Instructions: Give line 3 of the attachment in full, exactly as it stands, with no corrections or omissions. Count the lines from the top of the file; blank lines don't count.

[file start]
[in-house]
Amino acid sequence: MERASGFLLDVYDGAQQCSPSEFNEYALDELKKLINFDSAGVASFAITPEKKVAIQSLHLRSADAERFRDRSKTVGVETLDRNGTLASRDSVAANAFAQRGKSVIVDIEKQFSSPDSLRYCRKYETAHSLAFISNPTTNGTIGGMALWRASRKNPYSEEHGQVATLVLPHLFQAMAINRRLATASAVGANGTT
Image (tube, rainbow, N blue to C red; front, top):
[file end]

Image (tube, rainbow, N blue to C red; front, top):